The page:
This depends on the university in question. Some accept any degree, providing a 2:1 is achieved, whereas others require a science-based degree.
Clearly, if your objective is getting into medical school, subjects which relate to medicine (such as neuroscience and biochemistry) will strengthen your application regardless of the university in question.
Choosing a science-based subject will show that you have wider interest and transferable skills which you can bring to your medical studies. They will also help you learn parts of the curriculum more easily. For example, a degree in neuroscience means you will have a strong foundational knowledge in neuroanatomy, neurophysiology, molecular/cellular biology and possibly even psychology.
Here's the top 10!
Learn more about league tables for medical applications
According to the Guardian’s University Guide 2024, these are the top 10 universities with a good student to staff ratio:
Top tip: Make your fourth choice a university with lower requirements!
Jen was in doubt about her grades. Her school predicted her AAB, which excluded her from most medical schools. Jen was pretty sure she could get AAA if she worked hard enough and found focus, but it was a tall order.
She spoke to her school's advisor, who suggested she use one of her choices on a university with lower entry requirements. Jen chose Central Lancashire, because it required AAB and wasn't too far from home. Her other choices were based on the location she wanted, which was in or around London. If the worst came to the worst, she would sacrifice the location to make sure she got a place.
In the end, Jen got her As in Chemistry and Biology, but slipped in her non-science subject and ended up at Lancashire. If she hadn't been smart when weighing up her choices, direct entry medicine wouldn't have been an option.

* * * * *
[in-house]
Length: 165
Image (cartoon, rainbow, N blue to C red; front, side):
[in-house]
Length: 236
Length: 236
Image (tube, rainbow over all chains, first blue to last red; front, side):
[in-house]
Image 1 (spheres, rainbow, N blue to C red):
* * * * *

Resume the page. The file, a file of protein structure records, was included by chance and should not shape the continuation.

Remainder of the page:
Despite disappointment with her grades, Jen's experience at Lancashire was fantastic, and she is now working as a junior doctor: ‘I realised it wasn’t about getting into the 'right' medical school, it was about getting into medical school.'
Check out the full list of A-level requirements for medical school
Here are some real examples…
Medical school cohort size: Over 400 students.
Resources: Consultation Skills Learning Centre, Simulation Suite, Flexible Skill Suite, Labs and Anatomy Study Room.
Diversity: 11,000 international students from more than 160 countries.
Extensive clinical experience: In hospital and community settings.
Cultural resources: Imperial War Museum, Whitworth Gallery, and more.
Medical school cohort size: 125 students.
Setting: A 560-acre parkland site 3 miles from the city centre and a stone's throw from the Yorkshire Dales.
Engagement and strong bonds: With such a low number of students, staff can get to know students better and students can form friendships more easily.
Relaxing environment: Given its rural setting and low population, life is much more relaxing than in a major metropolis like Manchester.
The annual tuition fee for medicine is £9,250. This full amount can be covered by the UK government in the form of a tuition fee loan, but this only applies to domestic students.
Buckingham University is the exception to the rule. It is a private medical school that charges £38,000 a year with no government subsidy.